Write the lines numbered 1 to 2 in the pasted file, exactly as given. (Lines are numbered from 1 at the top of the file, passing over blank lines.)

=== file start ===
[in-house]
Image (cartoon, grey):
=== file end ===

[in-house]
Image (cartoon, grey):